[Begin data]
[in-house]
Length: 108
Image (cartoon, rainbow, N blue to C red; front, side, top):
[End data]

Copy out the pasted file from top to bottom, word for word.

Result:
[in-house]
Length: 108
Image (cartoon, rainbow, N blue to C red; front, side, top):